GAINESVILLE, FL - Responsible forestry in selectively logged tropical forests can provide  economic well-being of forest-dependent communities, says a new study from the University of Florida.

A study published in Conservation Letters, one of the leading conservation journals, offers a fascinating look at the work being done to protect the tropical forests of the world. “Sustaining Conservation Values in Selectively Logged Tropical Forests: The Attained and the Attainable,” is the work of some 12 experts in tropical forest research.

Tropical Forests and Selective Logging: Striking a BalanceExecutive Director of the Tropical Forest Foundation, Bob Johnston, said the study is important because it offers the first hard evidence that the integration of conservation and industry can work. “It confirms that forestry practices taught in the Tropical Forest Foundation training centers can provide protection for the tropical forests while providing for the economic well-being of forest-dependent communities,” said Johnston.

Jack Putz, lead author of the study and board member of TFF, is a professor in the Department of Biology at the University of Florida. Bronson Griscom is Director of Forest Carbon Science for the Climate Team at The Nature Conservancy and TFF board member. Griscom, wrote on The Nature Conservancy’s blog that the findings in the paper “confirm a critical middle way forward in protecting tropical forests: maintaining the diversity of tropical forest plants and animals, reducing carbon pollution, securing economic opportunities for local communities, and recognizing that the world’s growing population will continue to have significant needs for timber.”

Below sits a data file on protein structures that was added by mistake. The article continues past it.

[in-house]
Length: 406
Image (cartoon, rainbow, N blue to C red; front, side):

John Robinson, chief conservation officer and executive vice president of the Wildlife Conservation Society and member of the Tropical Forest Foundation executive committee, also commented on the study. “The Members of the Tropical Forest Foundation all have different interests, but we are called together by the common vision that sustainable forest management in the tropics is both economically and environmentally viable.”

The study, Sustaining Conservation Values in Selectively Logged Tropical Forests, is courtesy of Conservation Letters.

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